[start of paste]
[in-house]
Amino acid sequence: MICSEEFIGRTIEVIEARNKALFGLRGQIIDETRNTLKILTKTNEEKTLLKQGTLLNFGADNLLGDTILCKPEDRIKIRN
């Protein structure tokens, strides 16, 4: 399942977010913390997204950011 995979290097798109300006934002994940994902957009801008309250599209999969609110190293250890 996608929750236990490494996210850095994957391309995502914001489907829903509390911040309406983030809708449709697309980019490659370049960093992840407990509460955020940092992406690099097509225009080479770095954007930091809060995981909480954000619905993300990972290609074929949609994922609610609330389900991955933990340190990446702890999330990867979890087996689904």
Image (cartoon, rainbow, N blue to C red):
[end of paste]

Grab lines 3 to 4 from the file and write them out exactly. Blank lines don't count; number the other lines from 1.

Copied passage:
């Protein structure tokens, strides 16, 4: 399942977010913390997204950011 995979290097798109300006934002994940994902957009801008309250599209999969609110190293250890 996608929750236990490494996210850095994957391309995502914001489907829903509390911040309406983030809708449709697309980019490659370049960093992840407990509460955020940092992406690099097509225009080479770095954007930091809060995981909480954000619905993300990972290609074929949609994922609610609330389900991955933990340190990446702890999330990867979890087996689904």
Image (cartoon, rainbow, N blue to C red):